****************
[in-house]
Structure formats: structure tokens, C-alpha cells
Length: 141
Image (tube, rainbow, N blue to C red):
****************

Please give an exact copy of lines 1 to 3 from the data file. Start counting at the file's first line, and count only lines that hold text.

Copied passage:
[in-house]
Structure formats: structure tokens, C-alpha cells
Length: 141